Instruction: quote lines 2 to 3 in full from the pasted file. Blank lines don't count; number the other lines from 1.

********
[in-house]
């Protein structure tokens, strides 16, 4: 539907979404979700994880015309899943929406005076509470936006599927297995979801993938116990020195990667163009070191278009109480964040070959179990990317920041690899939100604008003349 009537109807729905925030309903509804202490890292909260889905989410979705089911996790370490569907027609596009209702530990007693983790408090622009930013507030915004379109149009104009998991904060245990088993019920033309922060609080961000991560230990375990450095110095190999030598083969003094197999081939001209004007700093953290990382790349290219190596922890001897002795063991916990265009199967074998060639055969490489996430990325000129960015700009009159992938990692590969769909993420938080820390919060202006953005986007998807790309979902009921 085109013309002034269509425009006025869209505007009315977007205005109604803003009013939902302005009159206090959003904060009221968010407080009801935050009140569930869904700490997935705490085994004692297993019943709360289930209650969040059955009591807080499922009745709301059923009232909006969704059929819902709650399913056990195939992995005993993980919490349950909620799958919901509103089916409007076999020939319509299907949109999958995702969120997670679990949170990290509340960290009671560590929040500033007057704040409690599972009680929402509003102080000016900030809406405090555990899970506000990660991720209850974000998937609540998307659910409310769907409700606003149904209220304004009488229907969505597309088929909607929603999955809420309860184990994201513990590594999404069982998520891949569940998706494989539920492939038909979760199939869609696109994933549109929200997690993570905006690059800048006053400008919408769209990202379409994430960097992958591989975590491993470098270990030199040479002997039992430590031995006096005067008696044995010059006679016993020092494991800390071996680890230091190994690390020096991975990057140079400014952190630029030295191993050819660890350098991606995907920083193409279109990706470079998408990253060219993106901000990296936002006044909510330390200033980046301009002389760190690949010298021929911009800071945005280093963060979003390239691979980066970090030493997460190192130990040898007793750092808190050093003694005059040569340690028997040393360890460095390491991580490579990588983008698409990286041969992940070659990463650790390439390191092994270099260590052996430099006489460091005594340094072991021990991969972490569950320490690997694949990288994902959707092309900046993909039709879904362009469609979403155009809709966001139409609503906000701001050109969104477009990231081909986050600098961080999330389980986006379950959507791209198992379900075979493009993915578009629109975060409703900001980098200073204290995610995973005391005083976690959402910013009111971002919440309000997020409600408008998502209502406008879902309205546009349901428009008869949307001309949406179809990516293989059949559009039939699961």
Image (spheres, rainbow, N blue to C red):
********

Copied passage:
């Protein structure tokens, strides 16, 4: 539907979404979700994880015309899943929406005076509470936006599927297995979801993938116990020195990667163009070191278009109480964040070959179990990317920041690899939100604008003349 009537109807729905925030309903509804202490890292909260889905989410979705089911996790370490569907027609596009209702530990007693983790408090622009930013507030915004379109149009104009998991904060245990088993019920033309922060609080961000991560230990375990450095110095190999030598083969003094197999081939001209004007700093953290990382790349290219190596922890001897002795063991916990265009199967074998060639055969490489996430990325000129960015700009009159992938990692590969769909993420938080820390919060202006953005986007998807790309979902009921 085109013309002034269509425009006025869209505007009315977007205005109604803003009013939902302005009159206090959003904060009221968010407080009801935050009140569930869904700490997935705490085994004692297993019943709360289930209650969040059955009591807080499922009745709301059923009232909006969704059929819902709650399913056990195939992995005993993980919490349950909620799958919901509103089916409007076999020939319509299907949109999958995702969120997670679990949170990290509340960290009671560590929040500033007057704040409690599972009680929402509003102080000016900030809406405090555990899970506000990660991720209850974000998937609540998307659910409310769907409700606003149904209220304004009488229907969505597309088929909607929603999955809420309860184990994201513990590594999404069982998520891949569940998706494989539920492939038909979760199939869609696109994933549109929200997690993570905006690059800048006053400008919408769209990202379409994430960097992958591989975590491993470098270990030199040479002997039992430590031995006096005067008696044995010059006679016993020092494991800390071996680890230091190994690390020096991975990057140079400014952190630029030295191993050819660890350098991606995907920083193409279109990706470079998408990253060219993106901000990296936002006044909510330390200033980046301009002389760190690949010298021929911009800071945005280093963060979003390239691979980066970090030493997460190192130990040898007793750092808190050093003694005059040569340690028997040393360890460095390491991580490579990588983008698409990286041969992940070659990463650790390439390191092994270099260590052996430099006489460091005594340094072991021990991969972490569950320490690997694949990288994902959707092309900046993909039709879904362009469609979403155009809709966001139409609503906000701001050109969104477009990231081909986050600098961080999330389980986006379950959507791209198992379900075979493009993915578009629109975060409703900001980098200073204290995610995973005391005083976690959402910013009111971002919440309000997020409600408008998502209502406008879902309205546009349901428009008869949307001309949406179809990516293989059949559009039939699961």
Image (spheres, rainbow, N blue to C red):